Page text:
Interesting Shark Behaviour at Guadalupe

Gary’s Shark Behaviour Observations

It’s Day 3 at Guadalupe Island already and the great white sharks have been amazing! Every dive presents both familiar and new sharks, new shark behaviour, and exciting moments.

 

Mature Shark Behaviour

The older, larger 12-16ft foot sharks are fascinating as you can see how they strategize on the hunt for the tuna bait – they make multiple passes to check out the situation and seem to methodically plan their hit. If they miss, they usually retreat into a wide circle or disappear briefly to make another plan of attack. When they get continually frustrated by our wranglers pulling the bait away from them just before they bite into some tasty tuna sashimi, you can see them change strategy. More than once the big ones have changed the angle of attack so the wranglers can’t see them coming either rocketing straight up from the deep or coming in alongside our boat and the port or starboard cage where the wrangler can’t see them as easily.

 

Juvenile Shark Behaviour

The younger sharks that are about 9-12ft are, by comparison, less wise, less strategic, seemingly more prone to frustration, and impetuous but they are faster and less predictable, so they’re a lot of fun to watch. They travel on the surface a lot so the wranglers can see them coming and easily pull the bait away. But they’ll make tight turns to make multiple lunges, often going back and forth between the bait of the two wranglers, and often splashing and lunging quite close to the cages. Eventually, their many efforts are rewarded when they get the better of one of our wranglers and a hunk of tuna also becomes theirs.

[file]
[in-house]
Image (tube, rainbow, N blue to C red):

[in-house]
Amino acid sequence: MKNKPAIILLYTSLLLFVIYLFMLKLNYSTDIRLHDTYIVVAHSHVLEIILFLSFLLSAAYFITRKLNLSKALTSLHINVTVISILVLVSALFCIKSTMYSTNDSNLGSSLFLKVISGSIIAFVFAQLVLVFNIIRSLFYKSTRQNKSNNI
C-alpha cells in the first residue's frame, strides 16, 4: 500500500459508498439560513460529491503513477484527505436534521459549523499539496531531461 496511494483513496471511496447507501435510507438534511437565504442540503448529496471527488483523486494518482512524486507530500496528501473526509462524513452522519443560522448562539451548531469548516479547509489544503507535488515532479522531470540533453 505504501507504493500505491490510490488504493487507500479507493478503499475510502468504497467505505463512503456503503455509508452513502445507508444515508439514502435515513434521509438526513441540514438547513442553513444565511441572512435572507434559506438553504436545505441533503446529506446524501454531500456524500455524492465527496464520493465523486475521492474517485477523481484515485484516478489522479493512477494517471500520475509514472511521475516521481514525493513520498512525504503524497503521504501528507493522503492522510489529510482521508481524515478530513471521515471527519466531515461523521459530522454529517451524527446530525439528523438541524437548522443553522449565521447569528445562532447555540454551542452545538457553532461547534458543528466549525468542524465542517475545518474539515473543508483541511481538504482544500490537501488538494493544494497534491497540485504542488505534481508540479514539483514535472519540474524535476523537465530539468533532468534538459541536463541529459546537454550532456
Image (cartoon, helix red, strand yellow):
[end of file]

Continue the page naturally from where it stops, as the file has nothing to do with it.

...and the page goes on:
Every day was great but our last afternoon was phenomenal. There were sharks everywhere, constantly coming in and out of view. At times you could see five or six sharks all at once and every time a shark would disappear into the blue another would come into focus. I came out of the water after two hours exclaiming that it was like sharks on cocaine or like living in the middle of a National Geographic great white shark documentary. Katie described it as a sharknado. Everyone came out of the water on a high exclaiming that the sharks saved the best for last – quite the unforgettable finale!

–Gary Lewis, Vancouver

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